Mark Bowden, the journalist and acclaimed author of Black Hawk Down and Killing Pablo, talks to Fred Chiaventone about his new book Hué 1968.

Your latest book deals with the battle for the city of Hué in Vietnam in 1968. What inspired you to look into this particular engagement?

First of all, it was a great story. Easily the bloodiest single battle fought in the war, it involved tens of thousands of people, civilians and combatants, and nearly levelled Vietnam’s ancient capital. It was also the centrepiece of the Tet Offensive, which was an important turning-point in the war. It shocked America and South Vietnam, led to LBJ’s decision not to seek re-election, swelled the anti-war movement, and changed the debate over the war in the US from how to win into how best to leave.

The war was not going well for the North Vietnamese by early 1968. What did they hope to accomplish with the Tet Offensive, and was there consensus among their leadership?

It was and it wasn’t going well. The Communist Party’s hope of winning the war before America’s full investment in it had been dashed, and by most measures its progress had been stalled. But three years into full-scale engagement with the powerful US military, it had not been crushed nor had it been greatly diminished.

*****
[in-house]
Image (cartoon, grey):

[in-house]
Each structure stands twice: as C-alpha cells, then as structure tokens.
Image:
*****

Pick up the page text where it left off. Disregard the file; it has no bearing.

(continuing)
Most measured the war a stalemate by the end of 1967, and, under the circumstances, a stalemate was a significant achievement for Hanoi. They were, in fact, so emboldened by their relative ‘success’ that the Tet Offensive was envisioned as a final winning-blow.

The enormous visible build-up by the US had enabled the Party to brand the war more persuasively as a simple struggle for independence. Its planners believed the people of South Vietnam’s cities would rise up to secure their ‘liberation’. More realistic leaders, including Ho Chi Minh and North Vietnam’s top general, Vo Nguyen Giap, did not share this assessment, but it was the announced goal of the ‘General Offensive / General Uprising ‘.

Just how badly did American intelligence misread the military and political situation in not anticipating the offensive?

Tet certainly ranks among the worst failures of American military intelligence. Speaking of Hué, in particular, a force of about 10,000 NVA regulars and Viet Cong was assembled outside the city in the months prior without tripping any major alarms. This was a tribute to the enemy’s skill and demonstrates the level of popular support (or at least acquiescence) Communist forces enjoyed in the rural areas of South Vietnam.

Attacks were launched with complete surprise on more than 100 cities and towns, and Hué, the third largest city in the south, was virtually taken over within hours. The success, while quickly countered in most places, reflected General William Westmoreland’s conviction that the enemy was incapable of major initiatives in any but the most remote regions, and also his near obsession with defending the marine outpost at Khe Sanh, which he believed would be the focus of the Tet Offensive.